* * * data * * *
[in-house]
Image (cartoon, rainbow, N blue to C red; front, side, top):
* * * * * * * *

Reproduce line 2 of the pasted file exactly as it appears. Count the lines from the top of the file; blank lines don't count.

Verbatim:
Image (cartoon, rainbow, N blue to C red; front, side, top):